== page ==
Or try on a different metaphor for size: this bird cage and this shopping cart are like the husks or shells left behind by moulting insects.
Or maybe they’re rinds (albeit rinds of soldered brass and aluminum foil).
See, there’re varied ways of looking at what Weppler and Mahovsky have aesthetically wrought, but they all clearly tend toward the “departed” stage of things, as if something elemental in these objects, these things, has been evacuated or displaced. The pith is gone. What we are left with is the residue of matter: The shell of appearances.
Rotting Squashes (Living Inside This Shell) is another unplinthed work, a small, semi-orderly ring on the floor of titular sculptural squashes and their vines, stakes, and what appears to be string linking together some of the stakes. It’s an arrangement straight out of the garden plot, save for the clearly artefactual nature of these things, made of copper foil. As with all their other work, the essence of the things is long gone, leaving not even the shell of these things but in fact the shell of the shells, copper foil that had been wrapped about the original vegetative things and taken on their shape – another displacement from the things themselves.
Rotting Squashes (Living Inside This Shell) looks darn close to the real thing (as does all of Weppler and Mahovsky’s work), but is of course a simulacrum. It differs from, say Bad Neighbour or the seemingly related piece From Whichever Side One Approaches Things, which essentially comprises a wooden board (again made of veneers) leaning against one wall, in that it’s an “impressioned” piece, made by actual physical contact with the things – squashes, vines, strings, stakes – it simulates. These things in many ways stand in place of our sense of touch; they’re like skins that have grown out of tactile engagement with the real things in someone’s garden plot. They’re the markers of someone’s physical involvement with matter. But not ours.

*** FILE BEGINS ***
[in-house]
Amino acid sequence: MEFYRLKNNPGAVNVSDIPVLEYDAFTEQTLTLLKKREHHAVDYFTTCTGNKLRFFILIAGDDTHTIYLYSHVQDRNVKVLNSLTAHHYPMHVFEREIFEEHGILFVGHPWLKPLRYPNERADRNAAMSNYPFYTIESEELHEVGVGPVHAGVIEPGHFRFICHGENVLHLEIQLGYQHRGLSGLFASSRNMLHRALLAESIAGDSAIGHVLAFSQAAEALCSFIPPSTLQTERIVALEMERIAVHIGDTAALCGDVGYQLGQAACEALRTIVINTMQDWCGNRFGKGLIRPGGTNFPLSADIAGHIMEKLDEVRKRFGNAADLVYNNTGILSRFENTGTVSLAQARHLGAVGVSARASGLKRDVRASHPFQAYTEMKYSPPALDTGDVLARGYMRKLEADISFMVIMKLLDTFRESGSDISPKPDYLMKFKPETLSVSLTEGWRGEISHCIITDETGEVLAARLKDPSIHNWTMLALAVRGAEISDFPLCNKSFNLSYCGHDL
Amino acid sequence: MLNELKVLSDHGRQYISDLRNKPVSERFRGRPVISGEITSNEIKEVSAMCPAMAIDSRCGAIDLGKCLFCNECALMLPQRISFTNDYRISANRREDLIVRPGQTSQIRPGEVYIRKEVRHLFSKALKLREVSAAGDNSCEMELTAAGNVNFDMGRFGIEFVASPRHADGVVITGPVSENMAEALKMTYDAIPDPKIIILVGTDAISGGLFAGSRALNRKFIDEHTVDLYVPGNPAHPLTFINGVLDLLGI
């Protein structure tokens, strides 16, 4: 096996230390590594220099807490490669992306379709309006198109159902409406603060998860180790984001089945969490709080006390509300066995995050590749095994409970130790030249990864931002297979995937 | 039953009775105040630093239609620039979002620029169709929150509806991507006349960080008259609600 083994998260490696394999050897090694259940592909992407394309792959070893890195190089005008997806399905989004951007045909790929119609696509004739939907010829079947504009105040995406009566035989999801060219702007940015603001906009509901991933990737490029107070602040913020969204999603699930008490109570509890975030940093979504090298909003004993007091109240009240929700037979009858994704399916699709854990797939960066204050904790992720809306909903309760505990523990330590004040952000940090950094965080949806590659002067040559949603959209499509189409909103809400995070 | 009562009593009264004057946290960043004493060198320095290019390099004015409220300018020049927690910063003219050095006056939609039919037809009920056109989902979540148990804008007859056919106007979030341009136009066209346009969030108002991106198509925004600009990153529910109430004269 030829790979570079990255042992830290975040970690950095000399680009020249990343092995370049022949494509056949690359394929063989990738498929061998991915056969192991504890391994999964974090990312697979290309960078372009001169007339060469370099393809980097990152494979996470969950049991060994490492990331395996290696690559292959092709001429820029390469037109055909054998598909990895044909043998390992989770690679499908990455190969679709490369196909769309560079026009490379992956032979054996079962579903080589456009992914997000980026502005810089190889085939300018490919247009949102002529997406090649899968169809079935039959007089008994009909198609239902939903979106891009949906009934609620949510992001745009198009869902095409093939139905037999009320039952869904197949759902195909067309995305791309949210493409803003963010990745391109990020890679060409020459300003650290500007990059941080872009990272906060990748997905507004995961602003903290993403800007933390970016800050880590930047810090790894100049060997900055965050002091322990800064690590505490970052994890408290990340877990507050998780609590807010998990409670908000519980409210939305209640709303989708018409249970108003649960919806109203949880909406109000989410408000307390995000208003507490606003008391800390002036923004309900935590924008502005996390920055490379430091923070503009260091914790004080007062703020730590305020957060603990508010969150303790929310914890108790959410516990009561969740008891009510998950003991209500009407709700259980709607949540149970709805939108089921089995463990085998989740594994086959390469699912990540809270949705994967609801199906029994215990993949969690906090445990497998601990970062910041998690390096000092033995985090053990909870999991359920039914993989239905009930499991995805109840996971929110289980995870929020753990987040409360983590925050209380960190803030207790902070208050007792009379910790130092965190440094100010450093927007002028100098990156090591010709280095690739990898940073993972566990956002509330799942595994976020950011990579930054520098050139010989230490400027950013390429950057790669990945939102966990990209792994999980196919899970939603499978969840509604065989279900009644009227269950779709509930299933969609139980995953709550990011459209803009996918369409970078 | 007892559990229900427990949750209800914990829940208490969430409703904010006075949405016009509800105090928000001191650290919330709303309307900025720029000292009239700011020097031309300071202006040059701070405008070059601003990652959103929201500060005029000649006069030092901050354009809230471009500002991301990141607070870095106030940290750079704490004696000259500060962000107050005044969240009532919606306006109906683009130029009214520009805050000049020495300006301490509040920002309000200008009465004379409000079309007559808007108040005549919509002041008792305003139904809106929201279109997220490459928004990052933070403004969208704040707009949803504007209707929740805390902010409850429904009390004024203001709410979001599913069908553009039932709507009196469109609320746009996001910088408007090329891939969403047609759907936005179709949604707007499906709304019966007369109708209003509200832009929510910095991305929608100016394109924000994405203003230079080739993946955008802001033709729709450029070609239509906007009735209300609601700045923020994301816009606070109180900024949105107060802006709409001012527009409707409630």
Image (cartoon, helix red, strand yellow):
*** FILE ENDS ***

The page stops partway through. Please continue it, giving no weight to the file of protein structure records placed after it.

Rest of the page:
And in the end it’s all so tentative, so tenuous. Beyond the surfaces of these pieces there is nothingness. They’re hollow, almost tissue-thin, their reality that of something like Hollywood props, the illusion of substantiality there to enable the visual moment, but proffer absolutely nothing beyond that except the void. To touch one of Weppler and Mahovsky’s pieces would likely be to watch it fall to pieces, to succumb to an irreversible rupture in the fabric of this aesthetically microcosmic universe they have shaped here in the gallery. The world would collapse in upon itself. So what we are given to see, here in the gallery setting, is a world that is barely there, a world a mere whisper away from annihilation.
It’s the knowing of that which is central to Rhonda Weppler and Trevor Mahovsky’s work in Veneers. This is absolutely stunning work. No question about it. They’ve deftly woven complexities onto complexities to lend an aesthetically formal shape to absence, charging their rickety, makeshift world with the aesthetic landmines of contingencies.
And it absolutely works.
Gil McElroy is a poet, critic, and independent curator living in Colborne, Ontario.